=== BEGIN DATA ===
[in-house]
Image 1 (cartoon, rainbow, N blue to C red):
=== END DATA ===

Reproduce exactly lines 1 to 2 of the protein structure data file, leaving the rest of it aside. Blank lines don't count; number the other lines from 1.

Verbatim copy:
[in-house]
Image 1 (cartoon, rainbow, N blue to C red):